For the study, researchers examined records of nearly 840,000 seriously injured patients seen at 287 trauma centers between 2000 and 2012. The centers averaged 247 severely injured patients per year, and 90% of the cases involved blunt injury.
The researchers compared the center’s actual death rate to the expected death rate if everything involving each trauma patient's care had gone perfectly.
Results indicate that each 1.0% increase in patient volume at a trauma center was associated with 73% better odds of a patient surviving. At the same time, each 1.0% decrease in volume was linked to a two-fold worsening in the odds of a patient surviving.
"So, the study suggests the negative impact of declining patient volume is significantly greater than that of the positive impact of increasing patient volume," explained senior author Jason Sperry, MD, MPH. "Granting unnecessary designation to a trauma center in a region that doesn't have the patient volume to support it not only hurts patient outcomes at that new center, but it will likely lead to a decline in patient outcomes at other nearby centers."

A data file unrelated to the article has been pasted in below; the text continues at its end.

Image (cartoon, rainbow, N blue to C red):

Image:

While study authors concede that they don’t fully understand how patient volume is linked to outcomes, they theorize that, as trauma centers increase their number of patients, they also increase their resources, infrastructure, and experience.
That might not be the full explanation, however.
"Taking care of patients who sustain complex traumatic injuries is a truly multidisciplinary effort, so it requires an institutional-level commitment of resources and staff," Brown pointed out in a University of Pittsburgh Schools of the Health Sciences press release. "There are many dynamics at play here that make the issue more involved than simply increased opportunity to hone surgical skills."